The greatest bit of technology Jim Bowie possessed was his famous knife, one of which was made by James Black of Washington, Arkansas. Of the finest steel, it had a handle ominously designed to resemble a coffin. Davy Crockett’s favorite piece of technology was his famous rifle he called Betsy. He was such a good shot he never worried about having meat to eat. Houston, having been adopted as a teenager by a Cherokee chief, was conversant with all kinds of Native American technology, including the bow and arrow. He was known as The Raven by the tribes in Arkansas when he worked for the government and ran a trading post and he often went public in Cherokee chieftain garb from head to toe. (He later presented a similar costume to his friend, President Jackson).
Those frontiersmen did not have to think about physical fitness. Their lives were hard enough to keep their muscles active. For example, one burns a lot of calories just catching, bridling and saddling a horse. And the act of riding a horse is a vigorous physical exercise itself, especially if you ride through forests, mountains and swamps as they did. We turn the ignition and off we go; their travel was much more difficult and adventurous. In the winter, we flip a switch to turn the heat on. These fellows gathered wood and often struggled to get a fire going.
Communication was quite different back then, as well. We are often on information overload with our computers, phones, televisions and other devices. Frontiersmen wrote letters and spread news by word of mouth. Newspapers came out regularly from towns of any size, but if one is on the road as they often were, news came slowly. Even so, patriots like Bowie, Crockett and Houston were legends in their own time. And, the legends grew with each telling. Modern day historians have quite a task raking away the myths to get to the men.
All in all, the greatest difference between the lives of frontiersmen and the lives of modern Americans seems to be the convenience factor. We take so many things for granted that were true problems for our forebears. I am very grateful for conveniences, but we would all be better off if we were more active, more outdoorsy, more determined and more deeply committed to the cause of independence and freedom. I am grateful for the great advances in medicine in my lifetime, but with more vigorous lifestyles, we probably would not need the medicines developed to deal with symptoms brought on by inactivity.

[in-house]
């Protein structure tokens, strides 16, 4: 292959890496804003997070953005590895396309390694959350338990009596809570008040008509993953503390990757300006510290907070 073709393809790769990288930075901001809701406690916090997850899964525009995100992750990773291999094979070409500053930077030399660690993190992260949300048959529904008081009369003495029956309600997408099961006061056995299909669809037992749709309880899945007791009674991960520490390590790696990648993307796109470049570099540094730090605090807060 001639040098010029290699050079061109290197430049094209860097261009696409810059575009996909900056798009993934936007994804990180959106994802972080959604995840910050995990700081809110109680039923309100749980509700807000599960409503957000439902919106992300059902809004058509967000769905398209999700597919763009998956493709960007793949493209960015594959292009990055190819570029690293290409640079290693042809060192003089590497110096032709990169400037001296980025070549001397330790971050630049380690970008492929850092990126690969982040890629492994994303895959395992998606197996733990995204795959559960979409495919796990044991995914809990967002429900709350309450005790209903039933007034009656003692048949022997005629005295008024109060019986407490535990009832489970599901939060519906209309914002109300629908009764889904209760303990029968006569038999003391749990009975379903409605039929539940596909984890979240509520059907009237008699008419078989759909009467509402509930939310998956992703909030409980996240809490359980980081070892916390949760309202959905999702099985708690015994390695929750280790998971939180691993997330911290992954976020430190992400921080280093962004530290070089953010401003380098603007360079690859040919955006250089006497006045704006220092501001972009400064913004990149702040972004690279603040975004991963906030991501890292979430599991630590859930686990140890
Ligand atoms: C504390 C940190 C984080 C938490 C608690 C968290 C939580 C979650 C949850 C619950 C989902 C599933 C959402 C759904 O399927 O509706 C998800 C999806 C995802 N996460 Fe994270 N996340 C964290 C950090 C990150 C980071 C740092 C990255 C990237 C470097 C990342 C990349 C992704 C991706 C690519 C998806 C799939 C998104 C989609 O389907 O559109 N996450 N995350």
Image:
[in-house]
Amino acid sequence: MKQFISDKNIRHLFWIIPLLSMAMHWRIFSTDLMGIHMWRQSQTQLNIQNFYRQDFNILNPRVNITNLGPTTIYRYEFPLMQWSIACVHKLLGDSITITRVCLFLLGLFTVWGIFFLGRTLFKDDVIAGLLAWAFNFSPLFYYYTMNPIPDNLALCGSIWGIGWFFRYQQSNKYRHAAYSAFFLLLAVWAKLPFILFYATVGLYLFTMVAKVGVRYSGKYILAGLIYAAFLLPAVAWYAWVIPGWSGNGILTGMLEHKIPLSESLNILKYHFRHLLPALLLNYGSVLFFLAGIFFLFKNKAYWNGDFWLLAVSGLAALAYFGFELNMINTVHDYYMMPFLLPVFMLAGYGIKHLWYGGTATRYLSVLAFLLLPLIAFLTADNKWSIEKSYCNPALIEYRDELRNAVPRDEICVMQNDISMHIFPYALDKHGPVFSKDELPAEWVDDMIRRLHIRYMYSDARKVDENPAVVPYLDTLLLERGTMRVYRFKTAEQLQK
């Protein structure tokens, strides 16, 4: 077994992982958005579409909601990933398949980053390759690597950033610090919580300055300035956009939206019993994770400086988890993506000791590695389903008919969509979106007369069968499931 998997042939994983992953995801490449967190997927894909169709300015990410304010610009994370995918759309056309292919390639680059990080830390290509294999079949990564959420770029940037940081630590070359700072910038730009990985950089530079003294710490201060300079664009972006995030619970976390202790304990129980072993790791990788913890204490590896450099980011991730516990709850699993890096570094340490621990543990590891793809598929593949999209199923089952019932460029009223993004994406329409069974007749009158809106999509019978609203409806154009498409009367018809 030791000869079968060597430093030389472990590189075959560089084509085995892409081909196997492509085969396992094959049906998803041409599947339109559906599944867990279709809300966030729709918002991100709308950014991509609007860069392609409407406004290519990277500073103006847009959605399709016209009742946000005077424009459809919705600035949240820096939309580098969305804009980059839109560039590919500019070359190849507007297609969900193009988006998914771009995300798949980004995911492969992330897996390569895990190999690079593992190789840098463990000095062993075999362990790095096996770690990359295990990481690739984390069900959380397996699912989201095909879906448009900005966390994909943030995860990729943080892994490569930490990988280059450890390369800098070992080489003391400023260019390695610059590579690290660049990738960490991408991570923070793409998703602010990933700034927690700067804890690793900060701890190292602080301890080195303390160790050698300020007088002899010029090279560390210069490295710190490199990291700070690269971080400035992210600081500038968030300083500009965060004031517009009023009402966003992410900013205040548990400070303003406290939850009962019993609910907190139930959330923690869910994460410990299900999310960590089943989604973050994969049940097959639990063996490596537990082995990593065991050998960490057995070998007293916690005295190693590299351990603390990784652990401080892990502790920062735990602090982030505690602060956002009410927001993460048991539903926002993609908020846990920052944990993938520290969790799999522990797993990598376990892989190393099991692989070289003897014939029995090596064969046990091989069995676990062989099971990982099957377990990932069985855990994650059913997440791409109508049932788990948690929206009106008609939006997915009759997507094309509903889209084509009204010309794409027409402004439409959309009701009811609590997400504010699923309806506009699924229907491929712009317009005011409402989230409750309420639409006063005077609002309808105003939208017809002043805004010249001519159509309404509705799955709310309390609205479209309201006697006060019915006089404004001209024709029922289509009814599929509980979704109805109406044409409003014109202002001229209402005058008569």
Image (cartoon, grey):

Sunday, August 10, 2014
It is so much easier to travel long distances today than it used to be. Even in my lifetime, travel has become much more convenient. In the 19th Century, a slightly cleared road cut the state of Arkansas in half diagonally from northeast to southwest. Known as the Southwest Trail, this route presented multiple challenges to the rugged travelers who braved it. Because it ran through lonely and remote places, it was sometimes a haven for thieves and cutthroats of every stripe.
Fortunately, though, some of those who had established homes along the trail were hospitable and, after mid-century a few taverns sprang up near villages like the one at the place where five trails met, today’s Washington, Arkansas. The restaurant at the Historic Washington State Park known as Williams Tavern was one of these, though that building was moved to its present site from the trail.
A friend of mine was looking through back issues of the Arkansas Gazette on microfilm the other day and found an interesting story about such places. I was imagining some “back-story” as he told it, so I hope I can stick to the facts as I recount what he said. In 1875 a man had established a large farm with a good sized house near Washington. Though his house was not technically a tavern, he was known for his hospitality to travelers. Well, one time a rowdy group had gotten ahold of some whiskey down on the Red River and was traveling through his part of the country. They stopped at his house one evening and asked, or rather, according to the tone of the newspaper story, demanded a place to stay the night.